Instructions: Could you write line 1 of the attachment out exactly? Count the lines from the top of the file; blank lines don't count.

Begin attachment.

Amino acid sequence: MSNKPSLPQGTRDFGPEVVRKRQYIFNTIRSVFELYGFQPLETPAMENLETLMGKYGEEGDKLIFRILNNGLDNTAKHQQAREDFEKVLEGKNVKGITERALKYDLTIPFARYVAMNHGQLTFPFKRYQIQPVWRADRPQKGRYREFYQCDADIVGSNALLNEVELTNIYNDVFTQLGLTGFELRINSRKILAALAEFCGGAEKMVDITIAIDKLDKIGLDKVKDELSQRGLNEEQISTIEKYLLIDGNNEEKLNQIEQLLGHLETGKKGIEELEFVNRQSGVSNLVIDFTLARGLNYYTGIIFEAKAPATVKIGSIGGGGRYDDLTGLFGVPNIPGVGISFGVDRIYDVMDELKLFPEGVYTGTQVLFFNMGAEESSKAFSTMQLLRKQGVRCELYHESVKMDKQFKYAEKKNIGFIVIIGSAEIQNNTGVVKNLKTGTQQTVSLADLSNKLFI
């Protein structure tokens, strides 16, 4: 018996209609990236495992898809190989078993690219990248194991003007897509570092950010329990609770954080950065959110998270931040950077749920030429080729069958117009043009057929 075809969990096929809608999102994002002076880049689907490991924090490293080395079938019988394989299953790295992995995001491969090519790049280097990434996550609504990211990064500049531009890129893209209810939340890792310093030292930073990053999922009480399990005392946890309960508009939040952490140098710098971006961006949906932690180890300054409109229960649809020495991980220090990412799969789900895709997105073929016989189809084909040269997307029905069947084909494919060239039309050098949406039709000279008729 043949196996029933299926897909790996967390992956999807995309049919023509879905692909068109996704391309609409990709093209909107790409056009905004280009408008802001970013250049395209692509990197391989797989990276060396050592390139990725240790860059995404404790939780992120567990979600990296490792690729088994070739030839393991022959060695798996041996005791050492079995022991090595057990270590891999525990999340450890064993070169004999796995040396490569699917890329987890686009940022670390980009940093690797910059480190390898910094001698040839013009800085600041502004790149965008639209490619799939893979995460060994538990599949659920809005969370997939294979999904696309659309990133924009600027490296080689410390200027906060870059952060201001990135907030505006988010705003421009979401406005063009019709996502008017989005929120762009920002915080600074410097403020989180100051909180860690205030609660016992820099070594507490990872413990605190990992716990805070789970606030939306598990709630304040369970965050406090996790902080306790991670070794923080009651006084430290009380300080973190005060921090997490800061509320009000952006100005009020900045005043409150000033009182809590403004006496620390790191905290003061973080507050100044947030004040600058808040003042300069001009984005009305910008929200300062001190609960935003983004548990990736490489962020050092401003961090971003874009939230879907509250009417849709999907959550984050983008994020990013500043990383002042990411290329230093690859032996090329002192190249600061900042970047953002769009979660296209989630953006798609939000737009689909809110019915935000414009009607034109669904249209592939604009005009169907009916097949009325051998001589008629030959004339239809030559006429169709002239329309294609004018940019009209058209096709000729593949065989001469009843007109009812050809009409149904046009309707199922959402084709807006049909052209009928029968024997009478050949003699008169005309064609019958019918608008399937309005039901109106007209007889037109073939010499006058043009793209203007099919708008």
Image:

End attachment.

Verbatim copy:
Amino acid sequence: MSNKPSLPQGTRDFGPEVVRKRQYIFNTIRSVFELYGFQPLETPAMENLETLMGKYGEEGDKLIFRILNNGLDNTAKHQQAREDFEKVLEGKNVKGITERALKYDLTIPFARYVAMNHGQLTFPFKRYQIQPVWRADRPQKGRYREFYQCDADIVGSNALLNEVELTNIYNDVFTQLGLTGFELRINSRKILAALAEFCGGAEKMVDITIAIDKLDKIGLDKVKDELSQRGLNEEQISTIEKYLLIDGNNEEKLNQIEQLLGHLETGKKGIEELEFVNRQSGVSNLVIDFTLARGLNYYTGIIFEAKAPATVKIGSIGGGGRYDDLTGLFGVPNIPGVGISFGVDRIYDVMDELKLFPEGVYTGTQVLFFNMGAEESSKAFSTMQLLRKQGVRCELYHESVKMDKQFKYAEKKNIGFIVIIGSAEIQNNTGVVKNLKTGTQQTVSLADLSNKLFI